For some time now I have been a proponent of including researchers – for example, those with a Ph.D. – in teaching science to high school students. While I have no doubt that the inclusion of a motivated and talented body of researchers in secondary school education will be highly beneficial to all involved: high students students, the Ph.D.-holding teachers, and the entire scientific system, it was only recently that I became aware of how badly such a change is needed.
I was recently asked to take a look at a worksheet on “The Cell” – essentially a two dimensional drawing of the cell and its many wondrous organelles and major structures – and I found the quality of the drawing to be so poor that even as an expert in cell biology with years of microscopy experience and looking at these very organelles, I could not even identify all of the structures.
How embarrassing; the Director, no less, of the Advanced Microscopy Core facility at my institution, and unable to completely place all of the names on all of the structures on the worksheet.
The microbody? Give me a break…
In my defense, here is a copy of the weird worksheet. Particularly alarming was the use of the term “microbody” – a relict term from the 50s when researchers first used electron microscopy, and couldn’t accurately place a variety of small organelles. Certainly a useless and unused term in modern science (and by modern, I mean the last 40 years…). Why would it appear as a term to identify on a worksheet of “The Cell” in 2014? Why not use peroxisome? Endosome? How did this sheet even come to be used in an Advanced Placement course for high school biology in the US?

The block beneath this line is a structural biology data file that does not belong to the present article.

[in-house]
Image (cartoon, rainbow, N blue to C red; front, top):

In any case, with or without microbodies, the depiction of the cell as a static, 2-dimensional and stick-like series of structures (something that would be expected of a terrible artist such as myself if forced to draw) is not a particularly flattering picture of our secondary education system. Admittedly, I was impressed with the textbook and the relatively solid foundation in chemistry that I encountered.
In today’s era of wonderful online tools, 3-dimensional movies – and yes, super-resolution microscopy (“trailer” for Structured Illumination Microscopy, coming to a blog near you soon!) – much more can be done. Look at those lovely 3-dimensional Golgi stacks/ribbons! Now that’s a cellular organelle!
So what’s the problem? Let’s get well-qualified Ph.D. teachers into the system.